Jesus also, that he might sanctify the people with his own blood, suffered outside the gate.  Therefore, let us go forth to him outside the camp, bearing his reproach.  For we have no continuing city here, but we seek one to come.


Going to Jesus

Gospel Tracts

 Select a tract to read:


Gospel Tract #66


by John D. Clark, Sr.

And he told them, ‘Go into all the world and preach the gospel to every creature. He who believes and is baptized shall be saved, but he who doesn’t believe shall be damned.’”
Mark 16:15–16

“Baptism also now saves us”
1Peter 3:21

From these scriptures, we see that salvation will be given only to those who have been baptized! With that fact, one is confronted with an obvious question: Is the baptism that saves us John the Baptist’s watery baptism, or is it Jesus’ baptism of the holy Spirit? It must be one of these two, for the baptisms of John and Jesus are the only two baptisms God has ever ordained.

The very earliest believers practiced both baptisms. They performed John’s baptism of water, telling those whom they baptized to receive Jesus’ baptism of the Spirit. In doing this, they were following the pattern set by John, who told every person he baptized, “I indeed baptize you with water, but one is coming who is mightier than I, the strap of whose sandals I am not worthy to loosen. He will baptize you with holy Spirit and fire!” (Lk. 3:16).

The Three Elements of John’s Baptism

1. A Message

John never simply put a person into water; he always pointed the baptized person to the holy Spirit baptism Jesus would give. So, John’s baptism was comprised of two essential things: his message and water. Without the message, water baptism is not John’s baptism. Once, twelve men in Ephesus thought they had received John’s baptism, but because they had not heard about the holy Spirit, the apostle Paul disagreed. He explained to those misinformed disciples that “John actually baptized with a baptism of repentance, SAYING. . .” (Acts 19:4).

Those Ephesians had been taught by Apollos, a learned, God-fearing man who knew nothing of the holy Spirit. When two of Paul’s friends explained to Apollos “the way of the Lord” more perfectly, he humbled himself to that more perfect way (Acts 18:24–28). Apollos’ first concern was not for his reputation as a great teacher; his first concern was to do the will of God. What a great example Apollos is for us all!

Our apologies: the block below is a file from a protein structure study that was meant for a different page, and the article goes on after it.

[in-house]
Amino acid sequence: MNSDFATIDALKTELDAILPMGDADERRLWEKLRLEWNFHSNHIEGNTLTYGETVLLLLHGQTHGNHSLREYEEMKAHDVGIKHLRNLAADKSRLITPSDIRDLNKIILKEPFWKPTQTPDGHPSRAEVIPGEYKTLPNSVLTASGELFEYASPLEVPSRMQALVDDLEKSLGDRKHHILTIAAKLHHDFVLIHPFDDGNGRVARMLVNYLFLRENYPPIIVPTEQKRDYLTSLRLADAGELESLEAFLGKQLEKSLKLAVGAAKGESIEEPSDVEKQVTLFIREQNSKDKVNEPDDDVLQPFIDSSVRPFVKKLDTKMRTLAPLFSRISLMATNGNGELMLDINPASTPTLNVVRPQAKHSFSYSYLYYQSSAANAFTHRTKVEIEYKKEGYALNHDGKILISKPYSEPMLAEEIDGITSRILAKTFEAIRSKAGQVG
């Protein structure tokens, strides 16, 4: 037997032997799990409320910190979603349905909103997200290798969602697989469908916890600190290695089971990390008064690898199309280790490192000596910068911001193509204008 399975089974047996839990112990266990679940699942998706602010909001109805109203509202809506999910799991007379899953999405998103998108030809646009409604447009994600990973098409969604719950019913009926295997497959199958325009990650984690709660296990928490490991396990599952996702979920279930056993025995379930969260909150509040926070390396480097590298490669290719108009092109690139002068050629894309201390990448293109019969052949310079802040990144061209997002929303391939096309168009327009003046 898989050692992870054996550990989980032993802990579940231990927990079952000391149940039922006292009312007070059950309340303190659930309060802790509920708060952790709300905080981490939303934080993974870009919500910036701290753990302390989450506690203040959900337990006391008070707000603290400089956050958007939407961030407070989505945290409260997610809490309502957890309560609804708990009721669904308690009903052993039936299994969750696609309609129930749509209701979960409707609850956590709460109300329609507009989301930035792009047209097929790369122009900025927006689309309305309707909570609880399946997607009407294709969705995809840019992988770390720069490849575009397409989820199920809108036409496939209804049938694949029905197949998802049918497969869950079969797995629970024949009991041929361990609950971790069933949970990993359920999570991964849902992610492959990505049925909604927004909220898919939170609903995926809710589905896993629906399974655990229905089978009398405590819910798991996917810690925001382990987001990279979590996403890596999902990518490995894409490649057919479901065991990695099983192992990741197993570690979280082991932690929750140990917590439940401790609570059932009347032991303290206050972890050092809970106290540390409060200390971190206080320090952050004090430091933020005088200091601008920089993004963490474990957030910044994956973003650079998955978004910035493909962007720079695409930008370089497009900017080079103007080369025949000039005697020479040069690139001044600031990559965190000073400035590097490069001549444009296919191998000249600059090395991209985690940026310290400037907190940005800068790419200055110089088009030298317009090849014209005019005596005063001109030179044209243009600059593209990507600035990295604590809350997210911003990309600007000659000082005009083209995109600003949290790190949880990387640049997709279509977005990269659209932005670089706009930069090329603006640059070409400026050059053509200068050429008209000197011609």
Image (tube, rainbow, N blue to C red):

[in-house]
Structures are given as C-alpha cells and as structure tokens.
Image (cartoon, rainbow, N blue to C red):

2. Earned

Receiving John’s baptism was not something that a person could receive simply by deciding that he wanted it. He had to earn the privilege by confessing his sins and turning from them. Only then would John baptize him. When unrepentant souls came to John to be baptized, he was harsh: “Brood of vipers! Who warned you to flee from the coming wrath? Bear fruits worthy of repentance” (Lk. 3:7–8). There was a price to be paid if one hoped to be baptized by John – not a price of money but a price of repentance and faith. The ancient prophet Isaiah spoke of this invisible currency when he proclaimed, “Ho, every one that thirsts, come to the waters! And he that has no money, come! Buy, and eat! Buy wine and milk without money and without price!” (Isa. 55:1). The blessings of the Lord are indeed free; but no one receives them who does not pay God’s price.

3. Only for the Circumcised

John’s baptism was only for the Jews. John, like Jesus (Mt. 15:24), was sent only to the house of Israel. John explained this when he declared, “But the reason I came baptizing with water is so he [the Messiah] might be made known to Israel” (Jn. 1:31).

Those are the three elements of John’s baptism, and if any one of these three elements is absent or altered, it is no longer John’s baptism.

On the day of Pentecost, Peter appealed to the Jewish multitude to “Repent and be baptized, every one of you, in the name of Jesus Christ for the forgiveness of sins, and you will receive the gift of the holy Spirit” (Acts 2:38). Like John the Baptist, Peter pleaded with his fellow Jews to repent and be baptized in water and then to receive the baptism of the holy Spirit. This was the doctrine God gave to the earliest believers, and they preached and practiced two baptisms. And for that time, it was right for them to do so.

The One Baptism of Christ

God sent Paul with a different message; namely, that there is “one Lord, one faith, one baptism” (Eph. 4:5). The only baptism Paul preached was Jesus’ baptism in spirit. Paul did baptize a few Jews in water; but he later regretted it because of the contention it promoted (1Cor. 1:14–16). Ceremonies always do that.

So, God sent Paul to preach only the baptism of Christ, while Peter and Jesus’ original disciples continued to preach both John’s and Jesus’ baptism. Paul explained God’s reason for this difference to the saints in Galatia, saying, “I had been entrusted with the gospel of the uncircumcision [Gentiles], as the gospel of the circumcision [Jews] was to Peter” (Gal. 2:7). John’s baptism was part of the gospel for the Jews but had no part in Paul’s gospel for the Gentiles. At Cornelius’ house in Acts 10, God proved to Peter and to his amazed Jewish companions that He did not require Gentiles to be circumcised and be baptized in water in order to receive the baptism of the Spirit. “And those of the circumcision who believed, as many as came with Peter, were astonished because the gift of the holy Spirit had also been poured out on the Gentiles!”